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Shopping Without Dropping
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Broadly speaking, the e-commerce industry has been growing at the rate of about 10-20 per cent every year. When Jeff Bezos began selling books online at Amazon in 1995, he said, "As we grow, we will sell everything at Amazon except Cement!" And, 15 years later, I think his words are right on the money. If you look at various stats, you will see numbers like over 80 per cent of people using the internet have purchased something online and about half of them shopped more than once. In that sense, my view on the overall e-commerce industry is very positive. From a consumer standpoint, think of the advantages of shopping online:
- Saves time
- Saves money (e.g., less or no taxes, cheaper, travel money etc.)
- Easy to compare prices
- Not crowded
|REGION||TOTAL E-COMMERCE MARKET (US $)||ANNUAL GROWTH RATE (%)|
Now let's talk about India. The buzz about e-commerce has always been there in India. In fact, there was a bigger buzz about online retailing a decade. However, it turned out to be a false start for three reasons: One: poor infrastructure in terms of fast Internet connections, second: non availability of a sound business model – the companies now have a much more robust business model — the models now are better adapted to the Indian consumer needs. Third: a bad user experience, the newer companies have fixed all of that now and that's why we are seeing the buzz again after 10 years.
India is now one of the fastest growing countries in E-commerce with so many e-commerece websites such as ebay, yebhi.com, shopping.rediff, futurebazaar.com, flipkart.com, indiangifts portal, 20North, fashionandyou.com and 99labels.com that have sprung up in the last 2-3 years. I think in the next 10 years, e-commerce will reshape the retailing world in India.
There are mainly three types of successful e-commerce business models:
- Classic Retailing, e.g. the Amazon model
- Auction and Reverse Auction sites such as e-Bay and PriceLine
- Group buying sites such as GroupOn and LivingSocial where the discount depends on the volume
All these models have the potential to be successful in India. There are three key factors for e-commerce sites to be successful in India:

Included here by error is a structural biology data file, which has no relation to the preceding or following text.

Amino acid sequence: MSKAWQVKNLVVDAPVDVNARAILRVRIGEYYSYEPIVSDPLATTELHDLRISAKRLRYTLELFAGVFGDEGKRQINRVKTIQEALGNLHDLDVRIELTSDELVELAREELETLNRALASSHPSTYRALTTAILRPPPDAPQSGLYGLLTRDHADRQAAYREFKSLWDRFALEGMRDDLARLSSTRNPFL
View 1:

- Understand the psyche of the Indian consumer and figure out why the Indian consumers buy what they buy. People have the impression that Indian consumers are just price sensitive. In fact, the typical Indian consumer is value sensitive, not price sensitive. Value implies perceived benefits of a product minus the perceived price.
- Adapt to the Indian audience. This is one of the mistakes multi-nationals make when entering India – they take the same product as in the western market, convert the price from dollars to Indian rupees and then wonder why their products don't sell in India. To be a successful retailer in India, companies need to adapt both the product and the pricing to suit the needs of the Indian consumer. These changes include pay on delivery, buy two products and return one (Yebhi.com does that), customised designs, western brands in clothing, perfumes etc. Appropriate product configuration and corresponding pricing need to go hand in hand. Future Group, for example, organises its Big Bazaar store to really give a true "bazaar" feel to its consumers. The goal is to provide a good user experience and the more successful companies have been doing that in the past decade.
- Logistics. Think of the postmen in India – they deliver mail with 99 per cent accuracy without having street signs or even house numbers! And courier companies are getting to be as good too. E-commerce sites need to have a good tie-up with the delivery companies so customers can have their products delivered cheaply, quickly, and safely. Here's an idea, how about letting consumers shop on the web but deliver the goods on the same day (at least in large metro areas) via delivery men (or women) driving on scooters or motorcycles or even cars! This has been quite a successful model in emerging markets such as the Vietnam.
One challenge for e-commerce companies is being able to reach out to rural India and delivering products there effectively. One issue is about connectivity. Second is to tailor the products to needs of the rural market—think about how the telecom companies have been able to sell cell phones to the people in villages with customised plans and attributes for that market. Third is, as mentioned — product and pricing need to be in unison — even in the rural market.
Finally, here are the more interesting developments during the past decade that should be of interest to e-commerce firms, particularly in India: (1) Data storage costs have gone down exponentially, (2) Computing power of machines has gone up exponentially, and (3) the availability of rich customer data as consumers click through various sites on their online shopping trips. These advances plant the seeds for developing business/predictive analytics tools that improve both customer experience as well as firms' bottom line. These analytics involve three modules: (i) data collection, (ii) estimating models of customer behavior, and (iii) optimising firms' actions. Apart from improving the bottom line, these analytics also help consumers via reduced prices online, customised recommendation systems, and better and more tailored products to consumers. In summary, these developments present a win-win situation for both consumers and e-commerce marketers.
Praveen K. Kopalle is a professor of marketing at the Tuck School of Business at Dartmouth University